Troll. The Troll's purpose is to be given more credibility than (s)he deserves, and to suck people into useless, pointless, never-ending, emotionally-draining, ranting discussions full of verbal loops and "word labyrinths", playing people against each other, hurting their feelings, and wasting their time and emotional energy. [More on Trolls]
It's common for stalkers to exhibit characteristics of more than one of these stalking types.
These are the signs to be alert to:
expects you to spend all of your time with him/her or inform him/her of your whereabouts
refuses to accept "no" for an answer
isolates you from your friends and/or family
puts you down in front of your family or friends
sends frequent unsolicited or unwelcome gifts
makes offers of unsolicited help
excessive niceness in the early stages
use of guilt to manipulate your feelings or to force you into courses of action you feel unhappy with
frequent loss of temper
abuse of alcohol and/or drugs
following you wherever you go
physical or verbal abuse
damage or destruction to your property
talks about violence or is fascinated with themes of violence
makes your family or friends feel scared or uneasy
The gift of fear: survival signals that protect us from violence by Gavin de Becker, Bloomsbury, 1997, ISBN 0747536910. Gavin de Becker tells you how to identify dangerous people before they hurt you, and provides information on stalking, threat assessment, as well as how to terminate a troublesome employee whilst reducing the probability of physical violence.
I Know You Really Love Me: A Psychiatristís Journal of Erotomania, Stalking and Obsessive Love by psychiatrist and stalking expert, Doreen Orion, MD.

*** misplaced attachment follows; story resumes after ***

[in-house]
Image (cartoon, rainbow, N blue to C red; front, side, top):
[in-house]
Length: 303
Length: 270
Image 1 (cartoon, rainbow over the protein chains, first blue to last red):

One in six women will be stalked: an item from the Sunday Times Australia
Former University of Queensland lecturer Trevor Cullen asks Western Australia Supreme Court to award $100,000 damages in his Internet defamation case against Los Angeles cyber-stalker Bill White: http://www.thesundaymail.news.com.au/common/story_page/0,5936,6851360%255E2765,00.html
Links to web sites on stalking
The Stalking Victim's Sanctuary provides insight and information on stalking as well as support and guidance.
The Antistalking Web Site is for anyone interested in stalking, from victims to mental health professionals, from law enforcement to security personnel.
Identifying and dealing with cyberbullying.
Love me not
Survivors of Stalking
The Australian Anti-Stalking Web Site
The Multiple Stalker (Vigilante/Harassment Group) Information and Support Site
Gang stalking: tactics of psychological terror
The Network for Surviving Stalking (NSS)
Beware the sociopath: no heart, no conscience, no remorse: how to spot a sociopathic love fraud con artist
The Law and 'Social Problems:' The Case of Britain's Protection from Harassment Act 1997 by Evonne von Heussen
A Scottish Parliament document on stalking and harassment
The Obsessive Ex Syndrome - people who are unable to mentally "let go" of a partner who leaves themhttp://www.cyberangels.org/stalking/
ISE stalking information service provide online information on stalking and threat assessment.
The Harassment Law UK web site has a page on stalking with links.
Claire Bernal is shot dead by ex-boyfriend stalker Michael Pech at Harvey Nichols store in London. [More]